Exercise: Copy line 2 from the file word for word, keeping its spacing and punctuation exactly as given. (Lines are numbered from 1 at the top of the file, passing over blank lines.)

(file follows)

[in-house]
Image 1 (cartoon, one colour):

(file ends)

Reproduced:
Image 1 (cartoon, one colour):